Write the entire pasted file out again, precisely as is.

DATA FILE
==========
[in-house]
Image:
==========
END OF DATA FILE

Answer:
[in-house]
Image: